• Next, type B5 and then press the F4 key.
  • Now, type “*”.
  • Then, type D8 and then press the F4 key.

how to lock a cell in excel formula using F4

  • Finally, press the ENTER button.

Read More: Protect Excel Cells But Allow Data Entry


Additional Tips

You can easily toggle between Relative, Absolute, and Mixed Cell References by pressing the F4 hotkey.

A. Toggle from Relative to Absolute Cell Reference

For example, you are working currently with the Relative Cell Reference and want to switch to the Absolute Cell Reference. To do so:

  • Firstly, Select the Cell Reference in the Formula Bar.

  • Then, press the F4 key and you are done.


B. Toggle from Absolute to Relative Cell Reference

  • Again press the F4 key. The row numbers are locked up now.

  • Now, Press the F4 key again to lock the column number from the row number.


C. Toggle back to Relative Cell Reference

  • Lastly, just press the F4 key once again.

Read More: How to Protect Excel Cells from Being Edited


Things to Remember

  • Assign a Dollar Sign ($) before the row and the column number to lock a cell.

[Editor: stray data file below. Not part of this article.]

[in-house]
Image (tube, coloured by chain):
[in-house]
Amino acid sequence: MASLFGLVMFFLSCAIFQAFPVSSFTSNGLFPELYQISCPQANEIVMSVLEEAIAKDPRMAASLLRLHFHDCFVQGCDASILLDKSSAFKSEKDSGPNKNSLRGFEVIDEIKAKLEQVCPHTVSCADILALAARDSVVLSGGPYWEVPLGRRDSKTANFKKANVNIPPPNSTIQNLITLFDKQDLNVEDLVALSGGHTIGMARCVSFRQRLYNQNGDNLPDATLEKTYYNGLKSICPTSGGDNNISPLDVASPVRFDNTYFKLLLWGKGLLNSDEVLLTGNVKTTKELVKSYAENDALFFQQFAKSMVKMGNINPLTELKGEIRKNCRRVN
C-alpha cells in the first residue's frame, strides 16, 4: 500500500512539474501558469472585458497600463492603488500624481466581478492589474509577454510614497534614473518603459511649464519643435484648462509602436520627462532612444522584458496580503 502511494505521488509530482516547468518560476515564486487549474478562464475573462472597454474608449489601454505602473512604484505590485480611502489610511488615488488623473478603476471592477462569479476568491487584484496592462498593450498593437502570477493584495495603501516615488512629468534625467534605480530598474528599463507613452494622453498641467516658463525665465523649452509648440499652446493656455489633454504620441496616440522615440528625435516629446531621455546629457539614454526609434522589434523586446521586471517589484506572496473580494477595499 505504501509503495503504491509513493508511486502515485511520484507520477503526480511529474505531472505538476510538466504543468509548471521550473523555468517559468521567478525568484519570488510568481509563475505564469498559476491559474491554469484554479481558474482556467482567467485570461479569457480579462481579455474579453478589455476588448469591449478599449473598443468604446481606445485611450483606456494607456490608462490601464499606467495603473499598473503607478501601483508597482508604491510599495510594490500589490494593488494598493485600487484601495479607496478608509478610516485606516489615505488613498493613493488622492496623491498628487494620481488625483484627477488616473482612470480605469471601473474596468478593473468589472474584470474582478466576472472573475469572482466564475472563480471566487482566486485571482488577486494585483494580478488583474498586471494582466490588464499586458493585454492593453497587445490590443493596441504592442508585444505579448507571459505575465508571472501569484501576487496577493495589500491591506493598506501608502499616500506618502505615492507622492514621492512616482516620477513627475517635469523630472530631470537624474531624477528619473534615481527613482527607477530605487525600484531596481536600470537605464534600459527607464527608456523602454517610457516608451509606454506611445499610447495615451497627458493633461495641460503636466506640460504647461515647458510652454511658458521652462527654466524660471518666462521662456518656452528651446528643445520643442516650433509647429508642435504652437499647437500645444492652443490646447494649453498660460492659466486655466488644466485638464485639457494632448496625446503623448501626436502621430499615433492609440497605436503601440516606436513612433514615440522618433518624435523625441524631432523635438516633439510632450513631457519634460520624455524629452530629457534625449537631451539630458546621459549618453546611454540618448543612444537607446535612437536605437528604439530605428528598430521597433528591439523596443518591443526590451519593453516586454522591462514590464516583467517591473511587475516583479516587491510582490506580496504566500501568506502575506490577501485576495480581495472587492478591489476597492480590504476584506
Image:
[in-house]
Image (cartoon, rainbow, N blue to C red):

• Use the F4 hotkey to lock a cell instantly.

Download Practice Workbook

In this practice workbook, we’ve tried to calculate the speed of light at different kinds of mediums such as Water, Ice, and Diamond. Each of the media has its corresponding Refractive Indices. So, the formula to calculate the speed of light at different mediums is:

Speed of Light at a Specific Medium = Refractive Index of that Medium * Speed of Light in Vacuum

In the dataset, the speed of light in a vacuum, and the refractive indices of water, ice, and diamond all are unique and located in different cells. To calculate the speed of light for water, ice and diamond we must lock the cell references in the multiplication formula.

You are recommended to download the practice workbook and practice along with it.


Conclusion

In this blog post, two methods to lock a cell in an Excel formula have been discussed with examples. The first method is about assigning the Dollar Sign ($) manually before the column and the row number. The second method is to use the F4 hotkey as the shortcut to lock up a cell. You are recommended to practice them both along with the given practice workbook and find the method best suits your cases.


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Mrinmoy Roy
Mrinmoy Roy

Mrinmoy Roy, a dedicated professional with a BSc in Electronics and Communication Engineering from Khulna University of Engineering & Technology, Bangladesh, brings over two years of expertise to the ExcelDemy project. As a prolific contributor, he has authored around 180 articles, showcasing his deep knowledge and passion for Microsoft Excel, Data Analysis, and VBA. His unwavering commitment to continuous learning, combined with versatile skills, renders him well-suited for roles in data management and spreadsheet solutions. He has interest... Read Full Bio